To reduce the $/lm for GaN-based LEDs, most LED makers are adopting flip-chip based Chip Scale Packaging (CSP) technology. However, it is difficult to realize true wafer-level (WL) CSP technology with conventional sapphire substrates caused by “blue light leak” issue. On the other hand, thin-film flip-chip technology practically eliminates blue light leak and allows a simpler process of phosphor coating and dicing.
To maximize the advantages of WL-CSP, large diameter process is necessary for it to be cost effective. In this sense, 8 inch Si wafer is the best candidate. GaN-on-Si based LEDs, however, have seen little growth in the lighting market due to several issues that hamper the efficiency and reliability related to the quality of GaN films grown on Si. However, we have overcome all drawbacks including yield, device reliability and LM-80 by proprietary stress-managed buffer and optimized LED epitaxial structure. In addition to the comparable efficiency and reliability performance, we discovered several other advantages of using 8 inch Si substrates such as the wavelength uniformity, low thermal droop and low compressive strain of MQW.
Wafer-level chip scale package (WL-CSP) on silicon substrates has its own set of advantages such as relatively easier to texture the GaN or phosphor surface at the wafer level to maximize photon extraction efficiency and multi-layer phosphor coating to further push the efficiency upwards.
We model carrier-density-dependent radiative and non-radiative recombination rates in an InGaN/GaN quantum well structure containing a V-pit and a threading dislocation. It is known that the threading dislocation acts as the nonradiative recombination center, leading to the reduction of carriers which can participate in the radiative recombination. On the other hand, the quantum well structure grown on the sidewalls of V-pit, formed by the strain relying on In/Ga contents and connected with threading dislocation directed along the polar direction, plays a role of energy barriers to prevent quantum well in-plane charge carriers from flowing to the non-radiative recombination center, i.e., the threading dislocation. Therefore, such V-pits can enhance the internal quantum efficiency in the InGaN/GaN quantum well light emitting diode (LED). However, the explicit model of the V-pit and the threading dislocation coupled to three dimensional electronic states has rarely been studied. We take into account those defects by including their potentials in a system Hamiltonian. It can describe the electronic states of in-plane quantum well, in which a V-pit and a threading dislocation are positioned. Here we show that charged carriers are more distributed away from the threading dislocation by having the V-pit, and it leads to the reduction of carrier losses to the non-radiative recombination and hence the enhancement of radiative recombination rate. Their effects on the recombination rates depend on injected carrier densities. We also discuss mid-gap defect states, which may be generated due to the threading dislocation and the V-pit.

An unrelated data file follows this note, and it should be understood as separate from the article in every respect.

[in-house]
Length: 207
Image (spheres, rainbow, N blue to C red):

We have grown LED structures on top of a robust n-type GaN template on 8-inch diameter silicon
substrates achieving both a low dislocation density and a 7 um-thick template without crack even at a
sufficient Si doping condition. Such high crystalline quality of n-GaN templates on Si were obtained by
optimizing combination of stress compensation layers and dislocation reduction layers. Wafer bowing of LED
structures were well controlled and measured below 20 μm and the warpage of LED on Si substrate was
found to strongly depend on initial bowing of 8-inch Si substrates. The full-width at half-maximum (FWHM)
values of GaN (0002) and (10-12) ω-rocking curves of LED samples grown on 8-inch Si substrates were 220
and 320 arcsec. The difference between minimum and maximum of FWHM GaN (0002) was 40 arcsec. The